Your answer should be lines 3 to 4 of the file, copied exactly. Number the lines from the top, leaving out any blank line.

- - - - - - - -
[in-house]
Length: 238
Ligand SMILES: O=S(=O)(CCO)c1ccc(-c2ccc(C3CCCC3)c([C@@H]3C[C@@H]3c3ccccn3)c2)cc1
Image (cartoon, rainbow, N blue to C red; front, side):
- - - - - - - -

Ligand SMILES: O=S(=O)(CCO)c1ccc(-c2ccc(C3CCCC3)c([C@@H]3C[C@@H]3c3ccccn3)c2)cc1
Image (cartoon, rainbow, N blue to C red; front, side):